No power for days. What do people do?

After a bad ice storm I was without power for about 4-5 days. After the rain-ice the temp dropped to the low teens. I got by with a poorly functioning kerosene heater and candles the first couple days. Then one morning I was at Home Depot looking for a new wick for the heater and they got in a shipment of kerosene heaters and generators so I bought one of each. I was assembling the generator on the back patio when the power came back on! It went back off a couple hours later for a short time so I did get to use it for a while. I’ve had a few shorter outages since in which the generator came in handy so I’m glad I bought it.

We were without power for five days last week. (western suburb of Philadelphia, to much ice for the trees and power lines).

We spent the first night at the house, then moved to my sister-in-law’s house for the duration because her power had gotten restored. When the interior temperature in our house reached 37 degrees we shut off the water at the main and drained the pipes, which pretty much enables the house to endure the winter as-is.

When the power came back on, we emptied the freezer (everything in there had thawed and then refrozen) and removed the few items in the refrigerator that had gone bad. (When you think of it, basically the contents of the refrigerator had gotten a bit warm for a day, then cooled back down to pretty much normal refrigerator temperatures. The refrigerator never got cold enough for its contents to freeze.)

If you just leave your freezers closed, except to quickly take out food, the food will be good for weeks. If you have a lot of unused space in your freezer, like it is not full of food, you should put a few gallon jugs of frozen water in there. Then when the power goes out instead of a freezer you have a large insulated cooler that will still hold food for days or weeks.

We recently had a cold snap combined with high winds that froze our water pipes for 2 days. Fortunately we have a year round stream that is about 2 feet deep even in the summer, so we just took a bucket down and brought water to flush the toilet. We have several gallons of Costco water in the spare room for drinking. If there were a major zombie apocalypse I would run this creek water through a cheese cloth and have no reservations about drinking it.

We heat with a wood pellet stove, but that needs electricity. We have a generator that will run it and a few other things at the same time. In the event that electricity would be out for a long time we also have a wood burning stove that does not need electricity. If gas runs out there are hand saws. I am surrounded by about a billion trees, just that I can see from here.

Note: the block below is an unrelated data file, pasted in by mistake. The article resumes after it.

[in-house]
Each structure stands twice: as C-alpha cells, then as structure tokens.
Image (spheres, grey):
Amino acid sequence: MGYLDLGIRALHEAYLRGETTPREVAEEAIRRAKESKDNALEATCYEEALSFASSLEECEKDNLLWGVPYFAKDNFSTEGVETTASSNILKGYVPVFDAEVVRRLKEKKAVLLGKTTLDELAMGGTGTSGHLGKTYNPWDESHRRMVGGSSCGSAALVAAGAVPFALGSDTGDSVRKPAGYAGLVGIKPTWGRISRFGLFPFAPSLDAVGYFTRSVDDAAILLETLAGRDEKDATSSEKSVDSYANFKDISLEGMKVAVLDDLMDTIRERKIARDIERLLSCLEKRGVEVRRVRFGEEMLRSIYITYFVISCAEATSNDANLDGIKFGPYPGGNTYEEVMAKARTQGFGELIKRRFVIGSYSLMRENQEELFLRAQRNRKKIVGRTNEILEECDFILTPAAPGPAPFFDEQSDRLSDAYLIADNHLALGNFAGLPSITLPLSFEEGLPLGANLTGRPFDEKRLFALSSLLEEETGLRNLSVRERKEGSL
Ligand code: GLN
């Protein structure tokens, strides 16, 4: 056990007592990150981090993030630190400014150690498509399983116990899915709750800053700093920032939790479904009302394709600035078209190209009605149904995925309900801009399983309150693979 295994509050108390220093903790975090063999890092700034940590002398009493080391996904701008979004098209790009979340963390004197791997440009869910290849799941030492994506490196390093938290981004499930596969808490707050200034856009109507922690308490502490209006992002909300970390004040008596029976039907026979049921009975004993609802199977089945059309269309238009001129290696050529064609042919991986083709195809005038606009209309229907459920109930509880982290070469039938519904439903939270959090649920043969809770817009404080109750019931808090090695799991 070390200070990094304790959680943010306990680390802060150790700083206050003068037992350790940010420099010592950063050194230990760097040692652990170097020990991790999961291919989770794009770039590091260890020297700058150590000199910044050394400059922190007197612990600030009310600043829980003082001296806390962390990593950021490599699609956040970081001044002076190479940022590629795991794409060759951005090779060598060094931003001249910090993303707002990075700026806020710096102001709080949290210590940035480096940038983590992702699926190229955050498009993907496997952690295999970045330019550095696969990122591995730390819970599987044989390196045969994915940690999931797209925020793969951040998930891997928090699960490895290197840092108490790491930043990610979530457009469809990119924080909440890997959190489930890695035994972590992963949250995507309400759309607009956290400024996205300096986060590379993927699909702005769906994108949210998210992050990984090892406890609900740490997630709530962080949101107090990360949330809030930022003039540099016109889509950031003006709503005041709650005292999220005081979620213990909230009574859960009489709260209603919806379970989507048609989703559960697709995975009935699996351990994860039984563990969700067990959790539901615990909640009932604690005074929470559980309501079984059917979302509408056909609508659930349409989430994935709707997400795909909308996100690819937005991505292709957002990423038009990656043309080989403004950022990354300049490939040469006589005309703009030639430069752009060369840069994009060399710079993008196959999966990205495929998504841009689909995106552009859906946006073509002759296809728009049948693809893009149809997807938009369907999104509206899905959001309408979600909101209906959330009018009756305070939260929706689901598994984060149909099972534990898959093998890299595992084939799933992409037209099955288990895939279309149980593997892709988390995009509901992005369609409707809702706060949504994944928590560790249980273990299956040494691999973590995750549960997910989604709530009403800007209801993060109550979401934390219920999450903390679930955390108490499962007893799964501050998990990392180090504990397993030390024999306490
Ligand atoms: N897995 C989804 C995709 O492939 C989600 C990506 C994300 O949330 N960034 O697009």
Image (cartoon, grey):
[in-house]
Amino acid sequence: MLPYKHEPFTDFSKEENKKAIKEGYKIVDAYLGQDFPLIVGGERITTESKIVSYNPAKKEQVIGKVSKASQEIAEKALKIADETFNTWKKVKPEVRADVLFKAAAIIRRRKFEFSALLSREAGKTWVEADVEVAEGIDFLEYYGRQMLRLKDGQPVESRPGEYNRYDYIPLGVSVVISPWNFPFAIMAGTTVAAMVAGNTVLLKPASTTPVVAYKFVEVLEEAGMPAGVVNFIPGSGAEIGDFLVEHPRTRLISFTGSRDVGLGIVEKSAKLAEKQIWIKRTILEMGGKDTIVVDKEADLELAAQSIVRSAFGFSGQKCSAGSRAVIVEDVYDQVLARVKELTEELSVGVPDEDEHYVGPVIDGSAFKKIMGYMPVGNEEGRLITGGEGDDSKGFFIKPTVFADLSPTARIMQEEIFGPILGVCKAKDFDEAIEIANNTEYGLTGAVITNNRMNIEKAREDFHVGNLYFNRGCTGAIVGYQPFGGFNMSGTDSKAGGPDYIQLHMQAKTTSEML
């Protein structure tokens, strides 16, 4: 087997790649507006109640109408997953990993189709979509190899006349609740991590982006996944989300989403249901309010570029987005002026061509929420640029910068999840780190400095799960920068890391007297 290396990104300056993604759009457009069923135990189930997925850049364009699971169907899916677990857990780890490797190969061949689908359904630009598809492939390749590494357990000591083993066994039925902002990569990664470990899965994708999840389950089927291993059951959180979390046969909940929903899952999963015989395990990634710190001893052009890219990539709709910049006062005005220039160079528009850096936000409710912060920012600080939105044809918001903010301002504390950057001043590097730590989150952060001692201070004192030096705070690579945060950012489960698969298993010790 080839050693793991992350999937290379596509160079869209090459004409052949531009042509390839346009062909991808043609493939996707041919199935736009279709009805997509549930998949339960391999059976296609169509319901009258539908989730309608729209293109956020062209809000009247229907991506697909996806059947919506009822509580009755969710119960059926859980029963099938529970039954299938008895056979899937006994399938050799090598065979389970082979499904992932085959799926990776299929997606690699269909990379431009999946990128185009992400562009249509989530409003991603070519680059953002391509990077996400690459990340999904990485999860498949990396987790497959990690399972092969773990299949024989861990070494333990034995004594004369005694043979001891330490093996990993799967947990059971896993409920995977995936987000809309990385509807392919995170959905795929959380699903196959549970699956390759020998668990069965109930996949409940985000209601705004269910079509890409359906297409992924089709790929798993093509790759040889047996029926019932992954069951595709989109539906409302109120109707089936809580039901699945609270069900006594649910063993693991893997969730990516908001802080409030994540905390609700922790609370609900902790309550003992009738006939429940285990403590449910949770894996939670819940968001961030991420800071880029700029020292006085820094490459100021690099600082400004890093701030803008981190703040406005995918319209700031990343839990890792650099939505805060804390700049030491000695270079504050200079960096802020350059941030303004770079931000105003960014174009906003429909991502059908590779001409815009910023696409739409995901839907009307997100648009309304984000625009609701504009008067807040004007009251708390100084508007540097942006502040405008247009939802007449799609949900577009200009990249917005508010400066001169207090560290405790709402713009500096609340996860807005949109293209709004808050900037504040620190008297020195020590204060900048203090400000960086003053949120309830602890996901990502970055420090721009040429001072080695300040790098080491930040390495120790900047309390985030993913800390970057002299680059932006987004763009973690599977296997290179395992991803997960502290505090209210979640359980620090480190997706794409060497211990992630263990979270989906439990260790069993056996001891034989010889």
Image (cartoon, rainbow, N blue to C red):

In the event of a major disruptive event, I think that the availability of beer would be my only serious problem.

I’ve never been without heat or water but Chicago has the occasional power outage, the longest being 3 days. For this I’ve got a 65-lb battery pack in a closet. Since I barely use any electricity (I don’t plug in the any appliances) it lasts quite a while running lights, my wi-fi router, and charging my laptop.

I grew up in a place that routinely gets 100 or higher in summer. Never had air conditioning until I was in my late teens. And even then didn’t use it much because of the cost. In college I lived two years in a dorm with no air conditioning. In a place that not only got to 100 in late spring and early fall, but had much higher humidity than when I grew up. Being in the cold without heat even for a fairly short time is much harder than being without air conditioning when it’s hot.

Where I am, we have the occasional power outage. They usually last for a few hours. Nevertheless, I like to be prepared.

First, my friend I bought my house from installed a propane heater. In the event of a power failure, I can still use it for heat; but the fan won’t work. Second, I replaced the dilapidated wood-burning insert with a new, efficient one (with a glass door, too! :slight_smile: ) So as long as I have propane and/or wood, I won’t go cold.

I also have a Honda 3000 W generator. It has more than enough power to run the fans on the furnace and stove, the television, DVD player, cable, phone, Internet, and computer. It can also run a 600/800/1500 W oil-filled electric heater. For cooking, I can use my collection of Svea 123 stoves or my MSR stove. I still have my Jeep Cherokee, so I have 4WD and chains to get food and fuel.

So I’m pretty well equipped for power emergencies. I suspect that people who live in places where they are susceptible to losing power for extended periods are much better equipped than I am.

We have a standby generator and we heat with propane. Lots of folks have woodstoves to heat with and standby or portable generators for essentials. If you’re on a well you may not have fresh water; friends fill their tub in advance to be able to flush the toilets and do basic washing up. You can tell the folks at work whose power is out – their hair isn’t up to its usual puffery. :slight_smile:

Went through an ice storm about twenty years ago. We toughed it out for a few days in below freezing temps. Gas hot water heater meant hot showers/baths at least. No fireplace though. :frowning:

We dug out the backpacking equipment and actually set up the tent in the living room and slept in sleeping bags. (The smaller you can make your shelter, the warmer you will be.) Hot meals courtesy of a Coleman stove. We kept water trickling to keep pipes from bursting.

It wasn’t that bad but after a few days we realized that power wasn’t coming back anytime soon so I got my hands on a little Honda generator. Just enough to power the fan on the gas furnace and run a few lights. After that, it was surprisingly comfortable. Of course, a day after rigging the furnace, the power came back. Total time without power was seven days and the temps never got above freezing.

While I wouldn’t want to go through it again, it was actually kind of exhilarating.

Dude, you need to stock up! Get more beer.

Until 1950 or so, hardly anyone in the US had home air conditioning, but no one outside of the deep south lived without heat. The people in Chicago who died during their terrible heat wave kept their windows closed because they were afraid of robbers. In most climates heat is much more important than air conditioning.

The gas home heating equipment sold around here have tiny generators that make enough electric power to run the burner and thermostat. Gravity will circulate the heat somewhat if you have hot water radiators. I don’t know about air heat.